Hey, I have a 90 gallon tank that I just set up. I went to Pets Mart and got a freshwater test kit that has Low Range PH, High Range PH, Ammonia, Nitrate, andMessage 1 of 5 , Jan 12, 2005View SourceHey,
I have a 90 gallon tank that I just set up. I went to Pets Mart and got a freshwater test kit that has Low Range PH, High Range PH, Ammonia, Nitrate, and Nitrate. I also go KH test strips. It all works well and easy to use. I than put that Info into a computer Aquarium Log and I can graph my cycle as well as keep track or total cost, running cost with many other things. Good luck and take your time it will cycle.
Sally and Paul Graham <salandpaul@...> wrote:
I am setting up a 50 gallon, community tank (tropical), what test
kits are essential for cycling and then for everyday running of the
tank? Thanks in advance.
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Me too. I bought this Hagen Master Test Kit, $29 at the time, used it twice or so and haven t used it since. http://www.thatpetplace.com/Products/KW/F73%Message 2 of 5 , Jan 12, 2005View SourceMe too. I bought this Hagen Master Test Kit, $29 at the time, used it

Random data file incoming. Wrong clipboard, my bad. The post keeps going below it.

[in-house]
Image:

twice or so and haven't used it since.
Nothing wrong with the test kit, but I just don't test for things
I would suggest that the new guy not waste any money on a test kit,
or maybe just buy the inexpensive pH test kit. You can get all the
necessary tests done for free at aquarist-friendly local fish store.
Just bring in a small sample of water for them to dip the test strip
into and they will read it off for you. Frankly its no better or
worse than buying the kits and doing the test at home.
One thing that I did learn from the test kit was that my water
contained a high amount of phosporous. Also I was surprized by the
fact that my tap water changes its pH after a few hours of sitting.
--- In firstname.lastname@example.org, "Kimberly McMichael"
> In the beginning (for at least the first 3 or 4 months) I usedexclusively
> liquid tests (the drops you put into a plastic container in whichyou first
> added water from the tank). These are more consistently accurate.After the
> cycling process was complete and things seemed to stabilize, I nowuse the
> test strips. If anything looks amiss here then I get out the liquidtests
> again to confirm the results. Most serious aquarists will only usethe
> liquid tests. You will want to test for Ammonia, Nitrites andNitrates
> first. Then you will need to know the ph and hardness of your water.